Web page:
A Time to Celebrate

I think it’s only fair to warn you that this short post has absolutely nothing to do with kidneys, organ donation, or advocacy. But today is a special day, and attention must be paid. Today, amazingly, marks 50 years since my husband and I got married on a rainy Friday night in New York City. Months ago, when we were searching for special ways to celebrate this special wedding anniversary, we considered (1) throwing a party; (2) renewing our marriage vows; (3) planning a trip to Tahiti, which we’d considered for our 10th anniversary but couldn’t afford; (4) staying at New York’s Plaza Hotel, as we did on our wedding night; (5) splurging on a photographic safari to Botswana, which we actually did book for September but will almost definitely reschedule for a year later…and well, we were still dreaming up fun ways when covid turned the world—and our priorities–upside down.

So, instead, we’ll open a nice bottle of wine, maybe put on a Jacques Brel CD (we recited the lyrics to “Quand On N’a Que l’Amour—If We Only Have Love—at our wedding), and probably enjoy a special take-out meal. And we will make a toast to celebrate how incredibly fortunate we are, in the midst of all this suffering, sorrow, and shared outrage. (Thanks for indulging me.)

Hmm, maybe this topic does have something to do with kidneys, organ donation, and advocacy after all!

Does Your State Offer Paid Leave to Donors?

In the course of updating our book manuscript on living kidney donation, we were hoping to see lots of progress in job protections and financial assistance–such as paid leave laws and tax deductions/credits–for living donors. Well, the good news is that there has been some progress. More states are offering paid leave and tax benefits for donors’ unreimbursed costs for travel, lodging, lost wages, and so on. The bad news? You guessed it—not nearly enough.

Photo by Pixabay on Pexels.com

First the good news:

Job protections. Living donation is now eligible for unpaid leave and other protections under the Family and Medical Leave Act–so your job or equivalent has to be waiting for your on your return. Federal employees and most states grant such protections in the form of leave (paid or unpaid).

Paid leave: All federal employees receive at least 30 days paid leave for organ donation; most states offer paid leave of various lengths to their state employees. A few states (let’s give them a shout-out: California, Hawaii, Louisiana, and Minnesota) require private employers to provide paid leave for living donors. A few more (Arkansas, District of Columbia, and West Virginia) offer incentives to encourage private employers to do so.

Tax credits: Four states provide tax credits (that is, dollar for dollar) for unreimbursed expenses by living donors (shout-out: Idaho, Louisiana, Maryland, and Utah).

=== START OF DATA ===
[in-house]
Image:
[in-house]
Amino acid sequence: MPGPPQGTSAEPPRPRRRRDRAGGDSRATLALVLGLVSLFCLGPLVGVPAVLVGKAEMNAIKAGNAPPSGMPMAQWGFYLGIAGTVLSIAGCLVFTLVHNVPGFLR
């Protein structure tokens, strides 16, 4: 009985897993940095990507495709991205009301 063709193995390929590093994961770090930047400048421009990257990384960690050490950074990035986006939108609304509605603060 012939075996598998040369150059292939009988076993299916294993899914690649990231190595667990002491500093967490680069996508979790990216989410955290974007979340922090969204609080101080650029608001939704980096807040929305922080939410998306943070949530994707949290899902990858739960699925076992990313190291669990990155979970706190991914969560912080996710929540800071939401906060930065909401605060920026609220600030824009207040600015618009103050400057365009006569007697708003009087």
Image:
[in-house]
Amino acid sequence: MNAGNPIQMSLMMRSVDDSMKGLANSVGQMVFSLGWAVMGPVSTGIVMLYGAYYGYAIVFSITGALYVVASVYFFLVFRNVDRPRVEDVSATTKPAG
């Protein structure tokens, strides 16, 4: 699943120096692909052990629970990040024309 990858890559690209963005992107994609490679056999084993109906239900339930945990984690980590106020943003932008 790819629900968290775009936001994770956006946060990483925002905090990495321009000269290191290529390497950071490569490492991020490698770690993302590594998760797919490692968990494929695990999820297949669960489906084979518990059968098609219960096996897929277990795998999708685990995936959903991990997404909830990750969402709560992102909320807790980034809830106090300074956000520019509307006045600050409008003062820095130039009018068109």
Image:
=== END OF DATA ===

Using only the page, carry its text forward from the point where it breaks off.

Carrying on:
Tax deductions: About half of the states offer significant tax deductions.

The bad news: What about all the others? Why aren’t all states offering paid leave to their employees and providing incentives to private employers to offer paid leave? It’s the right thing to do and actually saves money compared with the costs of kidney patients’ staying on dialysis. Why aren’t the rest of the states with a tax code at least offering tax deductions? And why aren’t those with tax deductions offering tax credits instead?

If you’re considering donating, find out what the law is in your state before you talk to your employer. Be sure to get all relevant details, because there are frequently requirements about how many hours a week you work or how many people a company employs in order to qualify. In any case, call or email your state representatives and tell them to do the right thing. Don’t let them merely pay lip service to supporting living donation–living donors deserve every state’s concrete support.

Contact me for a state-by-state list of donor leave laws and tax regulations compiled by the National Kidney Foundation.

Preparing The Greatest Gift

My co-author, Betsy Crais, and I have been busy making revisions and updates to our book manuscript (The Greatest Gift: The Insider’s Guide to Living Kidney Donation). With the pandemic necessarily dominating the news and publishing world, this seemed like a good time to concentrate on honing our manuscript rather than sending out proposals. As we prepare the final chapters, we’re noticing some key trends since we started working on it 5+ years ago (back when we were both working full time and unable to devote much time to it):